Instime founder Roman Felik seems to have set up an Instagram-focused multi-level marketing (MLM) Ponzi scheme. This scam promises to promote the fake Instime platform in return for artificially increasing the influence of Instagram bloggers. Felik developed a massive PR effort and collaborated with local Instagram influencers to promote this strategy. Similar schemes with great returns and bright futures may surface, involving currencies and tokens with MLM features.

Felix has a track record of dubious behavior. According to reports, he ran an illegal casino in Ternopil, his hometown, which was closed down by police during a raid, costing local criminals their earnings. Repayment of Felik’s debts is allegedly becoming more difficult by the day, with the majority of them owed to mafia members. Felik turns to creating fresh fraudulent methods to manage these debts. Felik presented the Instime plan as a replacement for Helix because of its damaged reputation.

Transparency-wise, there’s an unsanctioned offer to take down unfavorable information on Felik from that comes with a threat of legal action if ignored. It appears that Felik’s PR company is trying to settle the dispute out of court by proposing $200 in compensation. They advise pulling the article to prevent more legal action.

As a PR agency, they deal with a range of problems and are open to discussions on numerous subjects. They may take formal legal action if the issue isn’t fixed to their satisfaction. They have supplied a draft complaint that their legal staff has produced.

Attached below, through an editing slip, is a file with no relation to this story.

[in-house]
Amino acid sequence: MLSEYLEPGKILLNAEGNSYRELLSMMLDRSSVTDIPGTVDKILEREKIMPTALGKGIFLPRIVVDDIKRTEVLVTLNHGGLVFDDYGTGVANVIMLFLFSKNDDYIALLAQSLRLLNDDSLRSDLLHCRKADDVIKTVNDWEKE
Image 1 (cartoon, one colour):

Libel & Defamation Complaint 

As a result of an article titled “Helix Capital to Instime: How Roman Felik Masterminded Investment Frauds” that was published on the website (the “Article”), the plaintiff, Roman Felik, is filing this court case against the defendant,, for libel and defamation.

The guy who filed the lawsuit is a resident of Kyiv, which is located in Ukraine. This article was written by the defendant, who is also responsible for its publishing on the website, as well as the administration of, hosting, and domain services by choice…to the point:

These individuals will most likely proceed to the following step, which is to attempt to fake a DMCA. We will immediately file a counter notice while posting five extra articles if you send us one fake DMCA notice. This is the official position that we have taken. It is not worth the effort! 


Roman Felik’s purported involvement in fraudulent schemes like Helix Capital and Instime seems to be a complicated scenario with many legal ramifications. Numerous legal and criminal actions have been filed against Felik and his colleagues, suggesting a pattern of financial malfeasance and deceitful activities.

Felix went to court after reading an article on that detailed these accusations; he is suing for libel and slander. Meanwhile, Felik’s PR company has offered compensation and suggested removing the article to negotiate a settlement outside of court.

Nevertheless, Felik’s business dealings are cast into doubt due to the seriousness of the charges and the continuing investigations by the relevant authorities. The scenario becomes even more complicated when mafia members are involved in Felik’s purported debts.

The gravity of Felik’s guilt and the consequences for all parties concerned will be decided by the results of these court actions. Meanwhile, due to the numerous accusations of fraud and deceit involving Roman Felik and his affiliated companies, it is crucial to treat any transactions with them with caution and mistrust.

Leave a Reply

Your email address will not be published.

Previous Story

Jonathan Gualberto: A Fraudster? (2024)

Next Story

Larry Weltman: A Fraudster? (2024)